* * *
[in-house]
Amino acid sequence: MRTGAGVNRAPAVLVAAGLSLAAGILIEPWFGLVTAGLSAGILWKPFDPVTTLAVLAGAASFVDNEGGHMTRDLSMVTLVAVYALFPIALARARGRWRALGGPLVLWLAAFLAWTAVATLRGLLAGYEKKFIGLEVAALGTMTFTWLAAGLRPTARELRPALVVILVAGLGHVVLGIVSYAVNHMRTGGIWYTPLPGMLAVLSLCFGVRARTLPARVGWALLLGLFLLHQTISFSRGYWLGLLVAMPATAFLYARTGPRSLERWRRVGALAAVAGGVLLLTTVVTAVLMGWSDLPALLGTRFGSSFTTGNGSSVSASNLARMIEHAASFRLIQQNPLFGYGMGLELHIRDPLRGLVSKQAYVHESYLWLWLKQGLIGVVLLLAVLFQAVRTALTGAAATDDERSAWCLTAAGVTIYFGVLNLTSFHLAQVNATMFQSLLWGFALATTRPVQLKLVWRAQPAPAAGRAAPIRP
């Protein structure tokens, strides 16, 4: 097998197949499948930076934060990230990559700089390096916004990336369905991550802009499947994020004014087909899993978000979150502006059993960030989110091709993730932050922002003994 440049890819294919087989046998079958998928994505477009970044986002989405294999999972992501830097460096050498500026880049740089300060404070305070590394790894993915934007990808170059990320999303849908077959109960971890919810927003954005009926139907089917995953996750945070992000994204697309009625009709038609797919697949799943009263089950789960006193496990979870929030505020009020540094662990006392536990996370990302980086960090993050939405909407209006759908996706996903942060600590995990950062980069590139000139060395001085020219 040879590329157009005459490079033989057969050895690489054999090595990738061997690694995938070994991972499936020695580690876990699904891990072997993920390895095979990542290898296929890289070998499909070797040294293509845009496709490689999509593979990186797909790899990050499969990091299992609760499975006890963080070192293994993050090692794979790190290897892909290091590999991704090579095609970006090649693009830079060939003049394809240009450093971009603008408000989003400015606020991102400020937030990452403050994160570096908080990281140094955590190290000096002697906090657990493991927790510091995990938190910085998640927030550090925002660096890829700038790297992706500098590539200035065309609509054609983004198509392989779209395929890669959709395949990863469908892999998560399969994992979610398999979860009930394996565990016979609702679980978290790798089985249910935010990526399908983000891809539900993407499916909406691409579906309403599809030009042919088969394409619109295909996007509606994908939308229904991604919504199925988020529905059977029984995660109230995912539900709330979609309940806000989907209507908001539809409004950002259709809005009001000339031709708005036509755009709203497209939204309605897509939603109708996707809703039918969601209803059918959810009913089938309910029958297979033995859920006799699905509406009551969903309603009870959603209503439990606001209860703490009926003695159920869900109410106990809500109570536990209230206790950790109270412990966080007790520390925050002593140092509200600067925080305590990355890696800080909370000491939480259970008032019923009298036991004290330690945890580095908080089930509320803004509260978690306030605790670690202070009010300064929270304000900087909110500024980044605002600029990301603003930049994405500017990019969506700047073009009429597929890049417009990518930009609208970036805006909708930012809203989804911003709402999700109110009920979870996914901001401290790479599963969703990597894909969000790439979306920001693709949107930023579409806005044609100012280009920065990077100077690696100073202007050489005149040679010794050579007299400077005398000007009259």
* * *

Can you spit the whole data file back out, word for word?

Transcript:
[in-house]
Amino acid sequence: MRTGAGVNRAPAVLVAAGLSLAAGILIEPWFGLVTAGLSAGILWKPFDPVTTLAVLAGAASFVDNEGGHMTRDLSMVTLVAVYALFPIALARARGRWRALGGPLVLWLAAFLAWTAVATLRGLLAGYEKKFIGLEVAALGTMTFTWLAAGLRPTARELRPALVVILVAGLGHVVLGIVSYAVNHMRTGGIWYTPLPGMLAVLSLCFGVRARTLPARVGWALLLGLFLLHQTISFSRGYWLGLLVAMPATAFLYARTGPRSLERWRRVGALAAVAGGVLLLTTVVTAVLMGWSDLPALLGTRFGSSFTTGNGSSVSASNLARMIEHAASFRLIQQNPLFGYGMGLELHIRDPLRGLVSKQAYVHESYLWLWLKQGLIGVVLLLAVLFQAVRTALTGAAATDDERSAWCLTAAGVTIYFGVLNLTSFHLAQVNATMFQSLLWGFALATTRPVQLKLVWRAQPAPAAGRAAPIRP
């Protein structure tokens, strides 16, 4: 097998197949499948930076934060990230990559700089390096916004990336369905991550802009499947994020004014087909899993978000979150502006059993960030989110091709993730932050922002003994 440049890819294919087989046998079958998928994505477009970044986002989405294999999972992501830097460096050498500026880049740089300060404070305070590394790894993915934007990808170059990320999303849908077959109960971890919810927003954005009926139907089917995953996750945070992000994204697309009625009709038609797919697949799943009263089950789960006193496990979870929030505020009020540094662990006392536990996370990302980086960090993050939405909407209006759908996706996903942060600590995990950062980069590139000139060395001085020219 040879590329157009005459490079033989057969050895690489054999090595990738061997690694995938070994991972499936020695580690876990699904891990072997993920390895095979990542290898296929890289070998499909070797040294293509845009496709490689999509593979990186797909790899990050499969990091299992609760499975006890963080070192293994993050090692794979790190290897892909290091590999991704090579095609970006090649693009830079060939003049394809240009450093971009603008408000989003400015606020991102400020937030990452403050994160570096908080990281140094955590190290000096002697906090657990493991927790510091995990938190910085998640927030550090925002660096890829700038790297992706500098590539200035065309609509054609983004198509392989779209395929890669959709395949990863469908892999998560399969994992979610398999979860009930394996565990016979609702679980978290790798089985249910935010990526399908983000891809539900993407499916909406691409579906309403599809030009042919088969394409619109295909996007509606994908939308229904991604919504199925988020529905059977029984995660109230995912539900709330979609309940806000989907209507908001539809409004950002259709809005009001000339031709708005036509755009709203497209939204309605897509939603109708996707809703039918969601209803059918959810009913089938309910029958297979033995859920006799699905509406009551969903309603009870959603209503439990606001209860703490009926003695159920869900109410106990809500109570536990209230206790950790109270412990966080007790520390925050002593140092509200600067925080305590990355890696800080909370000491939480259970008032019923009298036991004290330690945890580095908080089930509320803004509260978690306030605790670690202070009010300064929270304000900087909110500024980044605002600029990301603003930049994405500017990019969506700047073009009429597929890049417009990518930009609208970036805006909708930012809203989804911003709402999700109110009920979870996914901001401290790479599963969703990597894909969000790439979306920001693709949107930023579409806005044609100012280009920065990077100077690696100073202007050489005149040679010794050579007299400077005398000007009259």